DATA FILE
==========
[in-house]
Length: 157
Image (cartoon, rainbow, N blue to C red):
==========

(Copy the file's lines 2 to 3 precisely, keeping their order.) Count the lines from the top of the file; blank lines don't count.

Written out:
Length: 157
Image (cartoon, rainbow, N blue to C red):